Tuesday, May 4, 2010
Never Crush Anyone's Dreams
I never dreamed of being a college professor. Does anybody?
In fact, I always gave my teachers fits in school, as evidenced by grade school report cards:
- Second Grade: Improvement needed in self control
- Fourth Grade: Perry needs to exert more self control
- Sixth Grade: Perry needs to exercise better self control
As a little kid, I dreamed about playing professional basketball. I played and played for hours. In third grade, we had to write an essay on what we wanted to be when we grew up. I wrote that I wanted to be 6’10” and play in Madison Square Garden. When the teacher handed back my paper, she laughed out loud and said “You can’t do that!” That was the first time someone had crushed my professional dream.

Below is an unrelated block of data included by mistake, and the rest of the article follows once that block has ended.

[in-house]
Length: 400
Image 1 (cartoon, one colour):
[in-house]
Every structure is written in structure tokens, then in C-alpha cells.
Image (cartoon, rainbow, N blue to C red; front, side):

Why would a teacher be so unthinking? She may have been right about the 6’10” part, but this molder of young minds lacked the understanding of what negative reinforcement can do to little kids. She also lacked the understanding that height isn’t everything for a basketball player. Teachers, especially in the impressionable K-12 years, are my personal heroes. But they need to be dream builders, not dream destroyers. It’s healthy to discuss rational backup career plans, but why spoil youthful exuberance which could flower into the unexpected?
Take Away: Your words can stay with a student for his or her entire life.
Note: That's me at age 25, playing basketball with former NBA Defensive Player of the Year, Mark Eaton (7'4" center for the Utah Jazz)
© 2009 Perry Binder, J.D. This article contains excerpts from my book:
Unlocking Your Rubber Room: 44 Off-the-Wall Lessons to Lighten and Transform Everyday Life http://www.yourrubberroom.com/